"I'm not here to defend Steve Lebsock. But I do think this process is unbecoming of this body," Neville said.

In a final speech ahead of the vote, Lebsock continued to deny there was touching "at all" and harkened back to the polygraph he took, though polygraphs are not admissible in court.

He also got emotional while talking about Garnett and Gray saying they feared retaliation. 

"I'm an honorably-discharged Marine Corps veteran, and if someone walked in here, you would have had me to protect you – even the ones who don't like me," Lebsock said, adding that some things said during the day's speeches were "totally inappropriate."

He said ahead of the vote that he knew what the vote count would be, but made a final plea.

"I'm not asking for a sympathy vote. Members, vote your conscience," Lebsock said. "We have gotten to the place in our country...our state...that winning at all costs is the most important thing...we have an opportunity to change course."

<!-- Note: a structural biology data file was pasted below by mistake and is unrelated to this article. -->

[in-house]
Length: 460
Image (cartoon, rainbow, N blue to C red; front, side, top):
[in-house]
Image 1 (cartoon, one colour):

He read aloud from a letter from a former aide who slammed the Legislature and the investigation, and said he should have hired an attorney or PR person, and denied that his manifesto was intended to be retaliation, again saying that everything within it was true.

“Due process is important, and due process was severely lacking. I think all of you can see that,” Lebsock said to end his speech before yielding the podium to Speaker Duran.

Duran gave Lebsock another opportunity to resign before the vote.

“Back in 2016, there was one victim, and I did everything in my power to respect her wishes, because it is very personal and sensitive whether or not a victim comes forward. And I know that, because there have been things that have happened in my life that I have never come forward with, and that was my decision,” Duran said.